By digging around a bit, I found the code that is used to construct the serializable object without calling the constructor, which we can use to create objects. To use it, we need to specify the first class in our hierarchy, where we want to call the actual constructor. For example, to simulate what happens in the DeserializeTest, we could call it with

      SilentObjectCreator.create(
        MySerializable.class,
        NotSerializable.class)
    
Here is my SilentObjectCreator, used to instantiate objects without invoking any constructors:

import sun.reflect.ReflectionFactory;
import java.lang.reflect.Constructor;

public class SilentObjectCreator {
  public static <T> T create(Class<T> clazz) {
    return create(clazz, Object.class);
  }

  public static <T> T create(Class<T> clazz,
                             Class<? super T> parent) {
    try {
      ReflectionFactory rf =
          ReflectionFactory.getReflectionFactory();
      Constructor objDef = parent.getDeclaredConstructor();
      Constructor intConstr = rf.newConstructorForSerialization(
          clazz, objDef
      );
      return clazz.cast(intConstr.newInstance());
    } catch (RuntimeException e) {
      throw e;
    } catch (Exception e) {
      throw new IllegalStateException("Cannot create object", e);
    }
  }
}
  

In our test class, we demonstrate what happens when we create the MySerializable by also calling the superclass constructor and the default behaviour of only calling Object's constructor:

public class CreationTest {
  public static void main(String[] args) {
    // Creating MySerializable by calling NotSerializable no-args
    // constructor, but not the MySerializable constructor.
    MySerializable ms = SilentObjectCreator.create(
            MySerializable.class, NotSerializable.class);
    System.out.println("ms = " + ms);

    // Creating MySerializable by not calling any constructors.
    MySerializable ms2 = SilentObjectCreator.create(
        MySerializable.class
    );
    System.out.println("ms2 = " + ms2);
  }
}
  

In the output we see that in the first case, the NotSerializable constructor is called, but not in the second:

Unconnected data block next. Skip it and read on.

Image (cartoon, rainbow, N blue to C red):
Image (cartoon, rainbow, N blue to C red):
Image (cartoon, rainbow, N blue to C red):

NotSerializable constructor called
    ms = MySerializable@1d5ee671
    ms2 = MySerializable@593d93f4
  

We can use this mechanism to create just about any class, except abstract classes. For example, here we are making Thread.State.class instances:

import java.lang.reflect.Field;

public class EnumCreation {
  public static void main(String[] args) throws Exception {
    Thread.State fastAsleep =
        SilentObjectCreator.create(Thread.State.class);
    Field name = Enum.class.getDeclaredField("name");
    name.setAccessible(true);
    name.set(fastAsleep, "FAST_ASLEEP");
    System.out.println("fastAsleep = " + fastAsleep);
  }
}
  

This creates enum instances, but for a better approach, please see my newsletter 161.

This SilentObjectCreator could of course also be used to create Singleton instances, even if we were very careful to protect ourselves against that. For example:

public class Singleton {
  private static final Singleton instance = new Singleton();

  private Singleton() {
    if (instance != null) {
      throw new IllegalStateException("already initialized");
    }
  }

  public static Singleton getInstance() {
    return instance;
  }

  // etc.
}
  

We can now easily make several instances of this, despite the check in the constructor, by simply instantiating it with the SilentObjectCreator class.

Disclaimer

We should avoid using sun.* classes in our code directly, as it is then not portable and will break if we change JDKs. In my original article, I did not mention this (on purpose) as I assume that readers of an advanced Java newsletter would be aware of this.

Kind regards

Heinz